Ali Sabbagh
Referee Ali Sabbagh gestures during the AFC Cup soccer match between Kuwait's Al Qadsia and Yemen's Al Saqr in Kuwait City April 12, 2011.Reuters/Tariq AlAli/Files

In what could be considered as one of the most shocking scandals in football, three referees from Lebanon allegedly received sexual bribes to fix an Asian Football Confederation Cup (AFC) match involving Singapore club Tampines Rovers and Indian club East Bengal.

Referee Ali Sabbagh and assistant referees Ali Eid and Abdallah Taleb from Lebanon were due to officiate the match between Tampines Rovers and East Bengal on Wednesday but were dropped just a couple of hours before the game begun.

They were replaced by officials from Thailand and Malaysia at the eleventh hour and were questioned by the Corrupt Practices Investigation Bureau (CPIB), an independent body which investigates and aims to prevent corruption in the public and private sectors in Singapore.

A Singapore court postponed the bail plea of the soccer officials in a hearing on Friday, arguing that they appeared to be involved in a syndicated operation. Referee Ali Sabbagh and assistant Abdallah Taleb appeared before the court on Friday, while Ali Eid, who is in hospital due to bad health, will be produced before the court on Monday or Tuesday.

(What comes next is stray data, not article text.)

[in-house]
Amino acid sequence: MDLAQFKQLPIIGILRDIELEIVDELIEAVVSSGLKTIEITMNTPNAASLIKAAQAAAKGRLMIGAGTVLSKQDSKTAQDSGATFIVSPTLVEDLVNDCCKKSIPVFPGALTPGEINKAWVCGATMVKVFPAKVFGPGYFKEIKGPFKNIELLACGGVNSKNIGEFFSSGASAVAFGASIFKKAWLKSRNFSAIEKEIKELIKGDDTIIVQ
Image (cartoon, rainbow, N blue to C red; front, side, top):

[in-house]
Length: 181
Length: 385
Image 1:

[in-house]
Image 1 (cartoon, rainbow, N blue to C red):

The court will now hear the bail plea of the trio on 10 April. They have been ordered to stay in separate cells.

CPIB grilled the officials on Thursday after being charged with receiving sexual bribes to fix match. All the officials were charged with "one count of corruptly receiving gratification in the form of free sexual service," said a statement by CPIB.

The Lebanese trio was detained on Wednesday just before the game between Tampines Rovers and East Bengal kicked off and was sent to Changi prison.

East Bengal defeated Tampines Rovers 4-2 in the match but the match-fixing episode marred it. Some even went to the extent of linking Anaz bin Abdul Hadee's ridiculous own goal to the scandal.